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Archive for November, 2003

Correcting Electoral Anomalies

Looking at the many external and internal factors contributing to proliferation of terrorism in Pakistan, and elsewhere in the world, lack of people participation in governance stands out as a primary reason. Pakistan is famous for having invented the Ayubian phrase “democracy suited to the genius of the people”, whereas the correct phrase should be “democracy suited to the genius of the rulers”. Ayub wanted to be a popular President, that could only be possible by an unfettered democracy. Unfortunately his associates in the bureaucracy fed him the requirements of a “guided democracy” as a means of furthering their own rule. Acting upon the genius (advice) of his associates, most of whom abandoned Ayub as soon as they calculated that crunch was imminent, he opted for “Basic Democracy” as suited to the genius of the people. Half a century later, one should not be surprised where the same slogan has re-surfaced and why (and from whom) it emanates. For over 50 years now we have muddled through various forms of people participation in government, none have really given our peoples the freedoms enshrined in our own religion that are the essence of democracy.


Baghdad Blues

George W Bush Senior lost to Bill Clinton on the election slogan “it’s the economy, stupid!” despite his great success in the relatively clean Gulf War-I to oust Saddam Hussain from Kuwait. Though enough indicators point to the US economy booming next year, the irony is that George W Bush Junior’s “military success” in Iraq could be the cause of his downfall in Presidential elections 2004. The slogan this time may well be “It’s Iraq, stupid!”


Quest For Absolute Power

President Chandrika Kumaratunga of Sri Lanka first suspended Parliament for two weeks and sacked three ministers, that of Defence, Interior and the Media, from the Cabinet. For good measure she declared emergency a day later, giving herself wide powers to deal with the expected reaction from the PM Ranil Wikramasinghe, who was away on an official visit to the US. Just before he met the US President, the Sri Lankan PM said her extreme actions would lead to chaos and anarchy. Initially ambivalent, the US thereafter leaned for the PM and democracy. Kumaratunga was elected President in 1999, within two years the opposition had routed her party in Parliamentary elections, the President has been at odds with the PM since. The reason for the present crisis stems from the President’s belief that the government has given too many concessions during Norwegian-sponsored negotiations with the LTTE (Tamil Tigers). Very importantly, the Sri Lankan Armed Forces seem to share this perception, for good measure they got sweeping draconian powers under the emergency. Does it sound familiar?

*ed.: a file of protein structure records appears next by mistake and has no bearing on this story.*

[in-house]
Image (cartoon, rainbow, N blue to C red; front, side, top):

Citizens’ Rights

While the fundamental rights of every citizen are enshrined in the Constitution, it is very rarely that more than lip-service is given to these. Essentially these rights are called freedoms e.g. freedom of free speech, freedom of worship, etc. Every regime claims that its main reason for existence is to protect the basic rights of the common man, in actual fact all governments without exception allow far less freedoms than that guaranteed under the Constitution. Instead of being sacrosanct and complete, the quantum of these freedoms vary with the regime in power, more particularly depending upon the man in charge. That is the paradox that those who struggle for citizens’ rights have to solve, how to make the rulers separate the institutionalized freedoms from individual cynosure and that it is wrong as well to apply different measures to various freedoms. There is another complication, even if the man (or woman) at the very top generates sincere goodwill for the basic rights of every citizen, is the mechanism of governance that he manages strong enough to withstand manipulation lesser by managers in government down the line, with or without the knowledge of the person at the apex of authority?